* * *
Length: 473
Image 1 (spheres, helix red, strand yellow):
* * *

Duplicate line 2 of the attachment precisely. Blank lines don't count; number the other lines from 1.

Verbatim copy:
Image 1 (spheres, helix red, strand yellow):